Latest Blog Posts

by Sean Murphy

30 Mar 2009

From Sunday’s New York Times: On March 29, 1973, the last United States troops left South Vietnam, ending America’s direct military involvement in the Vietnam War.

I can’t recall the last time I watched The Deer Hunter in a single, uninterrupted sitting. I suspect, reflecting on the first Vietnam-inspired Hollywood epic (preceding the similarly overstuffed Apocalypse Now by a full year), the extensive overture is necessary not only to set the tone, but to signify, on literal and figurative (artistic) levels the last glimpse of a way of life that was about to irrevocably change. With minimal pretension (that would be saved for the movie’s third act) and effective subtlety, the elaborate, unhurried scenes depicting the plans and preparation for the big wedding illustrate a way of life that, even without the war, was almost obsolete: the steel mills and coal mines, of course, would not figure as prominently in the lives (and livelihoods) of the next generation. Less remarked upon, but equally significant is the vivid depiction of a reliance on religion and ritual that seemed much less archaic in an era when it was not uncommon for first or second generation immigrants (mostly from Europe) to comprise the (invariably blue collar) workforce. As such, the film’s first act is a document of a time that was slouching, not exactly innocently but less than fully prepared, toward the end of its own history. First there was the ‘80s and what the powers that were did to the unions, then the ‘90s and what computers meant for the majority of workers unfamiliar with the Internet.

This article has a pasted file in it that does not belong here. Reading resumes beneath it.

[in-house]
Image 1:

The Deer Hunter’s second act deals with the horrors of combat and the third act with its aftermath; those are the parts that, while not as deliberate and languid as the less eventful opening act, become weighted down with their own urgency and all-encompassing compulsion to illustrate Big Truths. This is where the (inevitable?) lack of subtlety and (unfortunate) pretension sometimes suck the air out of the action on the screen. Still, the scene where De Niro skips his own homecoming party and paces nervously around his motel room says as much about the alienation and subsequent disillusionment (where he came from, where he went, where he is headed) than most films and books devoted to the uneasy homecoming Vietnam veterans endured. For an unfettered and forceful examination of this awkward chapter in our country’s history, I’ve yet to encounter a work that improves upon Tim O’Brien’s The Things They Carried. But the single scene (from any film, and more immediately than any book) that successfully synthesizes the before and after of that war, and that era, is the brief, devastatingly beautiful scene that concludes the first part of the film: post-wedding and pre-war; no words are spoken but a great deal is conveyed. The world will soon be a different place for the friends headed to war as well as the ones who stayed behind. It is an elegy for folks who are beginning to understand that everything has already changed.

The Deer Hunter, The Last Night

by PopMatters Staff

30 Mar 2009

Rootsy singer-songwriter Matthew Ryan has teamed up with Greg Richling (The Wallflowers) and Rami Jaffee (Foo Fighters) for a project going by the moniker of The Dead Satellites. The group has released a free single “Shook Down” full of timely anger at the causes of the recent economic crisis.

The Dead Satellites
“Shook Down” [MP3]

by Michael Edler

30 Mar 2009